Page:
48. Pilkis SJ, Claus TH. Hepatic gluconeogenesis/glycolysis: regulation and structure/function relationships of substrate cycle enzymes. Annu Rev Nutr. 1991;11:465–515. doi:10.1146/annurev.nu.11.070191.002341
49. Schrauwen-Hinderling VB, Kooi ME, Schrauwen P. Mitochondrial function and diabetes: consequences for skeletal and cardiac muscle metabolism. Antioxid Redox Signal. 2016;24:39–51. doi:10.1089/ars.2015.6291
50. Cahill GF. Fuel metabolism in starvation. Annu Rev Nutr. 2006;26:1–22. doi:10.1146/annurev.nutr.26.061505.111258
51. Owen OE, Morgan AP, Kemp HG, et al. Brain metabolism during fasting. J Clin Invest. 1967;46:1589–1595. doi:10.1172/JCI105650
52. Shimomura Y, Honda T, Shiraki M, et al. Branched-chain amino acid catabolism in exercise and liver disease. J Nutr. 2006;136:250S–3S. doi:10.1093/jn/136.1.250S
53. Harris RA, Joshi M, Jeoung NH, Obayashi M. Overview of the molecular and biochemical basis of branched-chain amino acid catabolism. J Nutr. 2005;135:1527S–1530S. doi:10.1093/jn/135.6.1527S
54. Duffy PH, Feuers R, Leakey J, et al. Effect of chronic caloric restriction on physiological variables related to energy metabolism in the male Fischer 344 rat. Mech Ageing Dev. 1989;48:117–133. doi:10.1016/0047-6374(89)90044-4
55. Bruss MD, Khambatta CF, Ruby MA, Aggarwal I, Hellerstein MK. Calorie restriction increases fatty acid synthesis and whole body fat oxidation rates. Am J Physiol Endocrinol Metab. 2009;298:E108–E116. doi:10.1152/ajpendo.00524.2009
56. Civitarese AE, Carling S, Heilbronn LK, et al. Calorie restriction increases muscle mitochondrial biogenesis in healthy humans. PLoS Med. 2007;4:e76. doi:10.1371/journal.pmed.0040076
57. Guarente L. Mitochondria – a nexus for aging, calorie restriction, and sirtuins? Cell. 2008;132:171–176. doi:10.1016/j.cell.2008.01.007
58. Gredilla R, Barja G. Minireview: the role of oxidative stress in relation to caloric restriction and longevity. Endocrinology. 2005;146:3713–3717. doi:10.1210/en.2005-0378
59. Li X. SIRT1 and energy metabolism. Acta Biochim Biophys Sin. 2013;45:51–60. doi:10.1093/abbs/gms108
60. Chang H-C, Guarente L. SIRT1 and other sirtuins in metabolism. Trends Endocrinol Metab. 2014;25:138–145. doi:10.1016/j.tem.2013.12.001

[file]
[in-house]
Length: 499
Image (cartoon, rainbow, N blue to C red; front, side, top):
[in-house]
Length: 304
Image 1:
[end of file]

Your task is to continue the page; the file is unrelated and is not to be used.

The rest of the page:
61. Romijn JA, Coyle EF, Sidossis LS, et al. Regulation of endogenous fat and carbohydrate metabolism in relation to exercise intensity and duration. Am J Physiol. 1993;265:E380–E391. doi:10.1152/ajpendo.1993.265.3.E380
62. Hargreaves M, Spriet LL. Exercise metabolism: fuels for the fire. Cold Spring Harb Perspect Med. 2018;8:a029744. doi:10.1101/cshperspect.a029744
63. Spriet LL. New insights into the interaction of carbohydrate and fat metabolism during exercise. Sports Med. 2014;44(Suppl 1):S87–S96. doi:10.1007/s40279-014-0154-1
64. Messonnier LA, Emhoff C-AW, Fattor JA, et al. Lactate kinetics at the lactate threshold in trained and untrained men. J Appl Physiol. 2013;114:1593–1602. doi:10.1152/japplphysiol.00043.2013
65. Cantó C, Jiang LQ, Deshmukh AS, et al. Interdependence of AMPK and SIRT1 for metabolic adaptation to fasting and exercise in skeletal muscle. Cell Metab. 2010;11:213–219. doi:10.1016/j.cmet.2010.02.006
66. Arner P, Kriegholm E, Engfeldt P, Bolinder J. Adrenergic regulation of lipolysis in situ at rest and during exercise. J Clin Invest. 1990;85:893–898. doi:10.1172/JCI114516
67. Henquin JC. Triggering and amplifying pathways of regulation of insulin secretion by glucose. Diabetes. 2000;49:1751–1760. doi:10.2337/diabetes.49.11.1751
68. Henquin J-C, Ishiyama N, Nenquin M, Ravier MA, Jonas J-C. Signals and pools underlying biphasic insulin secretion. Diabetes. 2002;51:S60–S67. doi:10.2337/diabetes.51.2007.S60
69. González-Sánchez JL, Serrano-Ríos M. Molecular basis of insulin action. Drug News Perspect. 2007;20:527–531. doi:10.1358/dnp.2007.20.8.1157615
70. White MF. Insulin signaling in health and disease. Science. 2003;302:1710–1711. doi:10.1126/science.1092952
71. Baron AD. Hemodynamic actions of insulin. Am J Physiol. 1994;267:E187–E202. doi:10.1152/ajpendo.1994.267.2.E187
72. Steinberg HO, Baron AD. Vascular function, insulin resistance and fatty acids. Diabetologia. 2002;45:623–634. doi:10.1007/s00125-002-0800-2
73. Rattigan S, Wheatley C, Richards SM, Barrett EJ, Clark MG. Exercise and insulin-mediated capillary recruitment in muscle. Exerc Sport Sci Rev. 2005;33:43–48.